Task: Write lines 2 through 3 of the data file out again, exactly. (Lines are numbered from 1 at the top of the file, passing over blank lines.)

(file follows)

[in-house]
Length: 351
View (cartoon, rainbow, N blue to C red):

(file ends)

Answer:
Length: 351
View (cartoon, rainbow, N blue to C red):